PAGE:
When I returned from my elective in Zaire, I realised that I knew little about tribal conflicts and the movements of Rwandan refugees. It seemed as if the news coverage over the past three years had passed me by. I had never stopped to think about the realities: God's people, a beautiful part of his creation in the midst of such turmoil, hatred and grief. Lesley Bilinda, a nurse working for Tear Fund in Rwanda, writes about her experiences in the months leading up to the genocide of 1994 and describes her return recently in search of her husband, pastor Charles Bilinda, a Rwandan Tutsi.
The first chapters give a picture of the trials and pleasures of a new culture and the responsibilities working in community healthcare. I respected Lesley Bilinda for living initially with Rwandans and was pleased to read of the rewards that this gave, gaining trust amongst local people and communicating in local languages.
This is followed by an outline of her relationship with Charles Bilinda. She gives insight into their time of seeking God's guidance and detail as to how he brings their two separate paths together. Mingled with this are hints and examples of opposition and challenges associated with their mixed marriage.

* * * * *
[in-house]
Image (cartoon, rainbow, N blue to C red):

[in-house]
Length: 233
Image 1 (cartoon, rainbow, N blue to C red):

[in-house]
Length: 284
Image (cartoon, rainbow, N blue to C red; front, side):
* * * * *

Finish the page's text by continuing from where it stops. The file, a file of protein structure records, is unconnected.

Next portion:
The Rwandan conflicts are told chronologically and the events are made more vivid by their careful dating and interlacing with UK News bulletins and international politics. The Colour of Darkness portrays the stench of rotting human flesh and sensation of nausea to an intensity which left me stunned for days afterwards. My disbelief that such hatred can exist lead me to be tempted to think that I was reading a horrific fictional novel.
However, Lesley Bilinda does not only describe her personal tragedy, but she talks of her Rwandan friends, family and colleagues, including countless testimonies of amazing courage and witness to God's grace and comfort.
The steady loss of so much of what Lesley Bilinda had loved and worked for reminded me of the story of Job. The incredible emptiness is most apparent as she realises that God had allowed her to be stripped of her marriage, many friends, her home, job, future aspirations and ambitions. Again and again she upholds God's faithfulness and might and writes about her feelings of the security she finds in him.
I felt immensely privileged to be allowed into someone's deepest thoughts, fears and emotions. It was a humbling experience to hear God speaking through the testimony of The Colour of Darkness - putting our busy and stressful lives into perspective. It made me weep and yet praise God for the hope and peace which he brought to so many in the midst of despair and darkness.
Clinical Medical Student